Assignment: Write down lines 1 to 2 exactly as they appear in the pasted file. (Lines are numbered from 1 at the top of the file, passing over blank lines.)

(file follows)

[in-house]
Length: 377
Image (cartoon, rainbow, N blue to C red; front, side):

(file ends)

[in-house]
Length: 377